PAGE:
UK Freedom of Information requests

I have just discovered a website that allows UK citizens to make Freedom of Information requests.  Apparently it’s being used to query why the National Portrait Gallery is picking a fight with Wikipedia.  Useful to know, however.  I wonder if there are interesting questions that might be asked of the British Library and its high-price low-quality policy on manuscript reproductions.

But I have just stumbled on the result of one, addressed to the National Portrait Gallery (also posted here).  It’s about the way they stop people using images, so they can charge for licenses.

2008/9    235 licences granted
2007/8    413 licences granted
2006/7    295 licences granted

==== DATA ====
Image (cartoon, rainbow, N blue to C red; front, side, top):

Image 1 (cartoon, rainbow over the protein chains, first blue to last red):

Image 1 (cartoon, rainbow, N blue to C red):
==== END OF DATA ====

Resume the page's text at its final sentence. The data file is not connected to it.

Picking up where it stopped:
2005/6 est.    205 licences granted
2004/5 est.    305 licences granted

2008/9 £11,291
2007/8 £18,812
2006/7 £16,573
2005/6 £10,021
2004/5 £14,915

The Gallery has not calculated the cost of specifically administering the online rights programme exclusive of other Picture Library activities and therefore it does not hold the information you have requested.

Imagine if they said “do what you like.”  The images would be freely available online and used wherever you like.  The lost revenue would be… £10k a year.

So they have prevented us all from using the images on our websites (not that I particularly want to, but in general); in order to make a gross sum of ca. £10k a year.  And they claim they have no idea whether they even cover costs!

Precious, precious information this. 

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